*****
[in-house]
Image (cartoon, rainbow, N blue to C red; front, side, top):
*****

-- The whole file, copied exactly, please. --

[in-house]
Image (cartoon, rainbow, N blue to C red; front, side, top):